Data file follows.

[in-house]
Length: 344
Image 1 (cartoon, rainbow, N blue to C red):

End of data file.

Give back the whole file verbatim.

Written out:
[in-house]
Length: 344
Image 1 (cartoon, rainbow, N blue to C red):